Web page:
Early feedback from the WISE workshop on "teaching innovation" that we hosted yesterday at the Madeira School in DC for the leadership of the National Association of Independent Schools [NAIS] was very positive, and a fun time was had by all. It was a real pleasure to meet such highly motivated and capable school leaders, and have a chance to share the WISE mission with like-minded partners that all share our commitment to improve education across the United States.
Our afternoon workshop covered a broad range of topics, from a beginning discussion to frame innovation, creativity, discovery, and exploration in the context of education, to illuminate uniquely 21st century skills and educational challenges, to a hands-on workshop that embodied the most effective practices in fostering innovation developed over the last thirty years at the world's leading technical universities.
Teaching Students to Innovate in the 21st Century
By Dr. Phillip Alvelda
This workshop explored 21st Century STEM education challenges and opportunities, and demonstrate (with an extended hands-on technical challenge) the latest pedagogical and curricular strategies developed and refined over the last three decades at the world’s leading technical universities specifically to foster creativity and innovation. We further discussed how those strategies have proven effective when translated and adapted for K-12 students, typical challenges in implementation, and the extraordinary results that make such efforts more than worthwhile, and their material impact not only in the obviously related design and engineering disciplines, but across curricular boundaries from science and math to English and other liberal arts.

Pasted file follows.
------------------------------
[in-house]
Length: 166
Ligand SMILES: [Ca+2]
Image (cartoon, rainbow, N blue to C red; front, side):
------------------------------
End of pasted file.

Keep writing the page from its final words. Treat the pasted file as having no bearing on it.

After a short training session to establish common language and goals and context, the participants were challenged to complete a novel design task using the new Lego Mindstorm EV3 robotics kits. It was wonderful to see every single collaborative group go from befuddlement at the myriad of unfamiliar parts and the new and complex software design tools, through a frenzy of creative activity, exploration and experimentation, to fully demonstrable working prototypes that incorporated complex gearing systems, driven motors and sensors, each one unique in design and presentation. It was a perfect example of how these techniques can educate deeply without direct lecture or instruction, while driving stronger engagement and explicitly fostering creativity, collaboration, and innovation.
I feel compelled to add that yesterday's group delivered a rather unusual performance, wherein every group in this workshop performed remarkably under severe time pressure, and with minimal mentorship proved successful. I left the event feeling that our nation's private school leadership is in good hands!
I'm hopeful that our efforts will lead to an expansion of these collaborative challenge based approaches across a broad set of new schools, and we can add a few more crusaders to our mission.
Onward and upward!